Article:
The Equi-BCS app can be downloaded for free from Apple’s app store or Google Play

Sunday, March 13, 2022

USA horse transport survey

 Do you transport horses in the United States? If so, researchers at the University of Kentucky would appreciate your help in a survey about equine transportation.

The research team comprises Dr. Amanda Adams (University of Kentucky), Dr. C. Jill Stowe (University of Kentucky), Dr. Patricia Harris (WALTHAM™ Equine Studies Group), Dr. Bridget McIntosh (MARS EQUESTRIAN™), and Erica Jacquay M.S., Ph.D. Student (University of Kentucky).


They hope that the survey will help them gain a better understanding of common types of journeys taken, as well as different management practices involved in transporting horses. 


To participate, you must be at least 18 years old and own, lease, or be in the full care of at least one horse or pony that resides in the USA. This survey will take approximately 15-20 minutes to complete. Your response is anonymous which means no names, IP addresses, email addresses, or any other identifying information will be collected with the survey responses.

Participants will have the option of entering a drawing for an ETHEL M® Chocolates prize basket courtesy of MARS EQUESTRIAN (Your email address will be recorded separately from your survey responses so that your survey answers remain anonymous.)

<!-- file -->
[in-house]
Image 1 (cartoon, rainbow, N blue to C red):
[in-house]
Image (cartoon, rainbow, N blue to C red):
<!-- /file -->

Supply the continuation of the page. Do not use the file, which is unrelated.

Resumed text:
To ensure your responses are included, you should complete the survey by April 1, 2022.


For further information, go to:

Tuesday, March 01, 2022

Changing the colour of Jump racing

 A new era of National Hunt (jump) racing begins in the United Kingdom on 14th March when the colour of the obstacles starts to change. The transformation, starting at Stratford upon Avon, will be gradually phased in over ten months, and will see an estimated 368 fences and 2,132 hurdle panels across 40 racecourses change markings from the traditional orange to white.

The project follows research carried out by Exeter University during 2017-2018 into equine vision, commissioned by the British Horseracing Authority (BHA) and backed by The Racing Foundation.


The study, conducted by Dr. Sarah Paul and Professor Martin Stevens of the Centre for Ecology and Conservation, University of Exeter, looked at the visibility to horses of a range of colours, and then examined the horses’ response to the presence of different colours on racecourse fences.


They analysed 131 obstacles across 11 UK racecourses using cutting-edge camera equipment to establish which colours would be most visible to a horse. They compared the traditional orange with possible alternatives: yellow, blue and white. 


Horses see colours differently from humans. Humans and other primates have three types of light-responsive cells (cones) in their eyes, giving what is called trichromatic colour vision. Normal human eyes detect four basic colours: red, green, yellow and blue. They can also differentiate up to 100 subtle variations in hue. Humans with red-green colour vision defects can only see two basic colours - yellow and blue.